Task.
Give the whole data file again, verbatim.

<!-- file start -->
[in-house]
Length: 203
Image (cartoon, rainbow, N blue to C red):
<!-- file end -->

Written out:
[in-house]
Length: 203
Image (cartoon, rainbow, N blue to C red):